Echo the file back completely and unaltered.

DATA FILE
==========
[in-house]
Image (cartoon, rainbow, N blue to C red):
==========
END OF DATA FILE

[in-house]
Image (cartoon, rainbow, N blue to C red):